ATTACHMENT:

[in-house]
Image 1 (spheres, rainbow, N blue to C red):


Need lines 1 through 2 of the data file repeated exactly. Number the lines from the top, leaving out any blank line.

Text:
[in-house]
Image 1 (spheres, rainbow, N blue to C red):